Why I Farm – Oliver Farms
While most family farms have a long line of history and tradition, the Oliver family is breaking ground with their first generation farm, Oliver Farms. Bill Oliver started farming in high school as his Supervised Agricultural Experience for his agricultural education courses. Fifteen years ago, Laura came on board turning the farming project into a family farm that operates in Montgomery, Audrain and Callaway counties.
“Our farm is unique because we’re the only first generation farmers that are around 35 years old,” Bill said.
Laura agreed that first generation farmers are a rarity today, especially around their area.
“I’d say we are the only first generation farmers in our area on a farm that hasn’t been passed down,” Laura said. “There aren’t many young farmers in our area either, so I think that is kind of unique. That is almost a dying breed these days.”
The Olivers acknowledged that this was probably because it is extremely difficult to get started in the farming business from scratch today. Even though the land they farm has been in Bill’s family for years, being the first one to farm it has its struggles.
“It is pretty much impossible,” Laura said. “We have met our challenges, that’s for sure.”
Bill said that one of these challenges is simply obtaining enough money to keep the farm afloat.
“We love to farm,” Bill said. “I don’t even call it an occupation, it’s more of a lifestyle. But, this has got to be the most challenging occupation I have seen in my life. Just trying to acquire the cash to make this thing go every day is unbelievable. In the downturn we’ve been in since about ’15, I’ve had to put every resource I have into this thing to keep it going because the cash flows have just been so tight.”
He also added that everything made on the first generation farm is being dumped back into the farm. This constant cycle allows Oliver Farms to produce 2,000 acres of corn, soybeans and wheat in addition to a cow-calf operation comprised of 80 head of cattle.
To help keep their farming dreams alive, the Olivers own their own trucking business that hauls grain and feed for local elevators. Bill said their hired crew trucks six days a week morning, noon and night. He believes they wouldn’t be able to farm without the extra income.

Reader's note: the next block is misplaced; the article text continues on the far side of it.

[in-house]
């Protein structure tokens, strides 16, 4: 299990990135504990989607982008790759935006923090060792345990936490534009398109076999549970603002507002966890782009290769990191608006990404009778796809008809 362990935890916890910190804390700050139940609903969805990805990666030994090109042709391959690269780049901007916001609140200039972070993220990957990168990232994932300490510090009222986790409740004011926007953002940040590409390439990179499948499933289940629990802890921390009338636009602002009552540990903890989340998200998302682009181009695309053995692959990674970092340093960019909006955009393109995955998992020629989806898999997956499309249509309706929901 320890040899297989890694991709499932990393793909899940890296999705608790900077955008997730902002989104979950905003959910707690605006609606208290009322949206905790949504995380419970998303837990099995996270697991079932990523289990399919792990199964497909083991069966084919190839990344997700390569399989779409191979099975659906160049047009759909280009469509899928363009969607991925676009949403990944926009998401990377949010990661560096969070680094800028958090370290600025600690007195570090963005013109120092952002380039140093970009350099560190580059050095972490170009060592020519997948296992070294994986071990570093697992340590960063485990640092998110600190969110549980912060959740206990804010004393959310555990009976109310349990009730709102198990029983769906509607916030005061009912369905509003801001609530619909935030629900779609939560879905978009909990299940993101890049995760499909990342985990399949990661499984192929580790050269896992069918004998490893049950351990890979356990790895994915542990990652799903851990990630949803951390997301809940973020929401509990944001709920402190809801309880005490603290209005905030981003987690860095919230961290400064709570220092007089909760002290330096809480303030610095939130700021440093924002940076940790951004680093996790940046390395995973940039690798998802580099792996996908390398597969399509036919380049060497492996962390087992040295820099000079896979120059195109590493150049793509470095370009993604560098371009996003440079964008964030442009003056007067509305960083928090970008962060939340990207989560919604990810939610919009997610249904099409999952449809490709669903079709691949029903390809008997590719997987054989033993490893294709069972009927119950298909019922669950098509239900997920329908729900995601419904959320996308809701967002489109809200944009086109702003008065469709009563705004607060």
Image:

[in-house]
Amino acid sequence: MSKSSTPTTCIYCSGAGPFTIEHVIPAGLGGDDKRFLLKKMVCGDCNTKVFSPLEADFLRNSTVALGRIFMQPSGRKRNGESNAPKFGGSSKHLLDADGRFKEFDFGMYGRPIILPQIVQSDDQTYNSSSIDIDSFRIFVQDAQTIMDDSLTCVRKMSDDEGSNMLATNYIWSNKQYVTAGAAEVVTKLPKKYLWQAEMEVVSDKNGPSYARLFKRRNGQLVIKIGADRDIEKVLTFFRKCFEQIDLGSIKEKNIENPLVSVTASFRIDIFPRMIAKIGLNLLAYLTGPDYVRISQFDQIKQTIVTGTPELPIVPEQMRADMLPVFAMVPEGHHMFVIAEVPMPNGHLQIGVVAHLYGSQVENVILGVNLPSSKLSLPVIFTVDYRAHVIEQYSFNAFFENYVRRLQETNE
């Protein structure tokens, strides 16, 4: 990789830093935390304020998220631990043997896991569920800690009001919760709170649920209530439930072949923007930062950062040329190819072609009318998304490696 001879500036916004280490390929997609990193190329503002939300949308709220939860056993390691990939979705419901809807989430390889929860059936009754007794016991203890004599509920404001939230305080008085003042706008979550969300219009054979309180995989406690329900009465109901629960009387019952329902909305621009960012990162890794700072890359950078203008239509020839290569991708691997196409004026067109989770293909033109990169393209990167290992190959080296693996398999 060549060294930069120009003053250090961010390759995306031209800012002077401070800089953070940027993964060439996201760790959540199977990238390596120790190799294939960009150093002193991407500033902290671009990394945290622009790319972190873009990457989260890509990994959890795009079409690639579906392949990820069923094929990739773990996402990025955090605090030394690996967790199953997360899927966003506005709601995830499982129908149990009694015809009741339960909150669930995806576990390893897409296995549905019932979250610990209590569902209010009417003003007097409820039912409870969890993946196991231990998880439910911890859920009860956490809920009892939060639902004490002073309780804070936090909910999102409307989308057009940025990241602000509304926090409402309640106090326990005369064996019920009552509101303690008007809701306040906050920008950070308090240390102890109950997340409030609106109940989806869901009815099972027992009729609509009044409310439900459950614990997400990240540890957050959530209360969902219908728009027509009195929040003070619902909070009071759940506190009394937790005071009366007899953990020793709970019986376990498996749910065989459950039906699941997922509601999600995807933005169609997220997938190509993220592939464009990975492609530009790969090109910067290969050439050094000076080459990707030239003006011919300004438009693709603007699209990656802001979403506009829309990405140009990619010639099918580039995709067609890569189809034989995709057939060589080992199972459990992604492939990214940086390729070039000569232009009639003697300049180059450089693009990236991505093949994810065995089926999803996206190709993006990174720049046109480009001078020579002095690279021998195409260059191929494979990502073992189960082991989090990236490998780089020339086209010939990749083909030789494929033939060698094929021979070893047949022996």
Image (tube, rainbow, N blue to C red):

“If we would quit farming and just truck, we would have a condo at the lake and a really cool boat,” Bill said. “If it weren’t for the trucking business, we would be out of the farming business, I can tell you that.”
Bill has his hands full between the farming operation and the trucking company, which means all hands are on deck when it comes to helping with the farm. The Olivers hired a farm hand to help oversee the operation day to day, and Laura said she helps when and where she can.
In her free time, Laura also helps with several community programs that teach youth and other consumers about the agricultural industry, including Agriculture Education on the Move and Common Ground.
In addition to the trucking company, Bill and Laura’s passion for farming helps to keep their first generation farm alive. Bill’s passion stems from helping his godfathers on their farms in the past when he needed a job during the summers. He said that farming and this way of life have even become addictive.
“It draws you in,” he said. “I like the lure of all of that big equipment. I thought that was so cool.”
Laura added that her husband has always had a passion for working the earth and being outdoors.
“He’s kind of always had a passion for playing in the dirt,” Laura said. “Even when he was a young boy he would plant up his entire yard.”
“Yeah, we didn’t have much yard to mow when I was a kid,” Bill agreed. “I had it all growing something.”
Laura believes that raising her two sons, Lukas and Matthew, with this same passion is an important part of why they farm.
“We basically farm because we’ve been given a task of being stewards of the land, and, for us, it’s a great way to raise our kids with them being around livestock and just knowing the way of the land,” Laura said.
Although they are only 7 and 5 years old, the Oliver boys have gotten a head start in the family business by incorporating their own projects into the farm.
“Our kids kind of have their own little projects out here,” Laura said. “they have some pigs of their own that they are starting to raise. They have 10 acres that is their own little farm. They rent it and help put it in.”
This beginning stage of their involvement on the farm is a good precursor to the dreams their parents have for the family operation.
“In the future, we’d like to see both the boys farm,” Bill said.
Laura agreed and said the plan is to remain sustainable as they continue the operation. They would also like the farm to grow for future generations.
“We have to keep growing so they can all come on board,” Bill said.